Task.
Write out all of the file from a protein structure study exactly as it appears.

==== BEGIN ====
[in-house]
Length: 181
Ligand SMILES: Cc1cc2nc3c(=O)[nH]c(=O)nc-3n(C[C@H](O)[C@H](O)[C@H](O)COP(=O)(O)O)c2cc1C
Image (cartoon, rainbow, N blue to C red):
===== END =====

[in-house]
Length: 181
Ligand SMILES: Cc1cc2nc3c(=O)[nH]c(=O)nc-3n(C[C@H](O)[C@H](O)[C@H](O)COP(=O)(O)O)c2cc1C
Image (cartoon, rainbow, N blue to C red):